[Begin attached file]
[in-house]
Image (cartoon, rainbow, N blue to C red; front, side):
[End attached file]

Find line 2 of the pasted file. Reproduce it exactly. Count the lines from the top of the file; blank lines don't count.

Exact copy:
Image (cartoon, rainbow, N blue to C red; front, side):